First of all I trimmed around the 'stumpy bit' that slots down. However, when that only made a minor improvement, I realised that the 'stumpy bit' was far too wide to fit fully down into the slot, so I chopped the bottom off using a pair of crude Power Scissors. They actually use these in hospitals to cut people's clothes off!
The head then fitted on perfectly and I glued it into place. Although there is a seriously noticeable joining line (and slight gap) around the mouth and along the back of the tongue.
I never thought I'd say it, but this looks like a job for that new Liquid Green Stuff, because there's no way I'd be able to get some into that gap without making a mess of the model otherwise.
Now to start on the other characters. But I think it's going to be a while before I play any games of Super Dungeon Explore when the models take this much effort to put together.
Still, it'll be amazing when they're all built and beautifully painted, just like the fully painted Space Hulk set that I love so much.
Stay tuned for more ranting as I assemble the rest of the box.
I ran an 8-Bit Demo game of Super Dungeon Explore for James and Luke to get used to the basics of the game before moving on to the proper 16-Bit, Super and Ultimate levels of the game.
James took the Paladin (because it looks like him!) while Luke took the Dwarf and they began hacking their way through through the basic game.
The guys really got into the swing of things quite quickly and started having fun unleashing all manner of special attacks, swapping potions, picking up Loot and equipping Treasure.
We had a fantastic time playing the basic 8-Bit game, but it still took some serious preparation on my part. So I recommend that you do the same if you're introducing people to Super Dungeon Explore for the first time. They'll get bored sitting around for 2 hours while you're reading the rulebook otherwise!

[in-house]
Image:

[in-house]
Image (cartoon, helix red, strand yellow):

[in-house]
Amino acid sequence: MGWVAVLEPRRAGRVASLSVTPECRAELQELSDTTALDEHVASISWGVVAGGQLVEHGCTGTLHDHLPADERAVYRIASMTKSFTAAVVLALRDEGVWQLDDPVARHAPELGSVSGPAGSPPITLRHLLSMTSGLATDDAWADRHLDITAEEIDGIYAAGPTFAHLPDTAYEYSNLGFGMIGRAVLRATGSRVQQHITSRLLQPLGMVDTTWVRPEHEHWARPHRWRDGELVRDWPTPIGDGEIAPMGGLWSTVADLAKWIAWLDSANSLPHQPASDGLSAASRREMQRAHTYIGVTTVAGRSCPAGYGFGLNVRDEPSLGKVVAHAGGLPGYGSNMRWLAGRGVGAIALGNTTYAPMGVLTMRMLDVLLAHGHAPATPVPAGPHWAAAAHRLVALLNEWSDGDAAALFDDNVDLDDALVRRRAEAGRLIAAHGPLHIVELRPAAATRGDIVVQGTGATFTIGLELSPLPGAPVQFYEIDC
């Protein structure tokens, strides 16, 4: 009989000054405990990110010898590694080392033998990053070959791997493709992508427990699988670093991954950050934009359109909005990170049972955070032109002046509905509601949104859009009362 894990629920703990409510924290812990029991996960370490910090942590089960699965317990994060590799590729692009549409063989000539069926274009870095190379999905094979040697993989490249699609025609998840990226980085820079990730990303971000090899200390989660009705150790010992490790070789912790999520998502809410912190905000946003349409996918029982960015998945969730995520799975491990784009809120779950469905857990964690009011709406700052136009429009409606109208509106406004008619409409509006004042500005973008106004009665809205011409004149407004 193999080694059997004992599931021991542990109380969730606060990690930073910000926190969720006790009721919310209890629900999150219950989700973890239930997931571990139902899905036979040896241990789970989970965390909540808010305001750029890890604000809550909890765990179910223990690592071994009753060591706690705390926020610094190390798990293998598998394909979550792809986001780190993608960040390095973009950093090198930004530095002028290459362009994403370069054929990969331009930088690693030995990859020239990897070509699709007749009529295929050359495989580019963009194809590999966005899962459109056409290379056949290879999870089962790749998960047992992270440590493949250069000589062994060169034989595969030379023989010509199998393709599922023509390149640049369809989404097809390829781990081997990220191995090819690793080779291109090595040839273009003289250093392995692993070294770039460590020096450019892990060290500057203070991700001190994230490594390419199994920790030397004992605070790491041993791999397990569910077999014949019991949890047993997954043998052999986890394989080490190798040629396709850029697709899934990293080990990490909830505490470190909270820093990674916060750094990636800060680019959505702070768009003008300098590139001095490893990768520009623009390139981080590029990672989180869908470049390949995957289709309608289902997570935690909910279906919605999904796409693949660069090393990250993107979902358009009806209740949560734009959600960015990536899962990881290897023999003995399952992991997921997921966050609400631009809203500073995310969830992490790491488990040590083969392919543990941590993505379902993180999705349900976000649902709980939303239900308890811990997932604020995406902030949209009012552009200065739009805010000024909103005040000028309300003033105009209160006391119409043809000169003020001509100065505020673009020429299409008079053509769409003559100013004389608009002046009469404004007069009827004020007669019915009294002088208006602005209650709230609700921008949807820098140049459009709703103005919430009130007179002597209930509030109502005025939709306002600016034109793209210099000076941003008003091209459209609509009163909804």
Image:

8-Bit Demo Game Preparation
I spent a good hour or two reading through the rulebook very thoroughly while having everything laid out in front of me.
Some parts of the rulebook aren't very clear -especially where certain counters have been changed during the production of the game. But once you grasp the basics, it's plain sailing from there. However, some of the rules require a little common sense based on other rules in the game.
So for example, the Dwarf's "Cleave" attack is performed just a regular attack, but it took us a while to work this out and make sure that's exactly how it was intended.
However, once you've read through the rulebook a couple of times, the summary at the back makes a lot of sense, as does the glossary of status effects on the opposite page.
But essentially the game is a like Disgaea, Hero Quest and Gauntlet thrown into a blender. If you've played any games in the Disgaea series on the Playstation, then the area effect attacks and 'mobbing up' will be familiar to you.
However, this is where you may need to be lenient as the Dark Consul (aka: dungeon master), because you can quickly obliterate anyone who is unfamiliar with this sort of game. Having played Disgaea for years, I was quickly able to identify how to use the various dungeon denizens and minions to maximum potential. But that wouldn't have made for a very enjoyable game for the other players.
Once you've played through one game then all of the rules should make sense for any future games.
Playing a Super Dungeon Explore 8-Bit Demo Game
My two players were brilliant and got straight into the action without hesitating. Luke really relished his role the the stubborn, hard-as-nails Dwarf with a "great cleavage" as Luke put it whenever his Dwarf unleashed his "Cleave" attack.
Meanwhile James excelled as the Paladin, dishing out plenty of punishment while healing himself and Luke's Dwarf to the point where they were practically invincible.
Well, they were invincible until the Paladin was surrounded by Kobold Gougers who pokes at him with their pointy sticks using their Mob special rule to inflict lots of damage!
However, it was at this point that I realised I needed to tone down my typically ruthless tactics to give the heroes a chance of actually winning the game. My players wouldn't come back for more if I slaughtered them mercilessly and they wouldn't stay interested if I made it too easy for them either.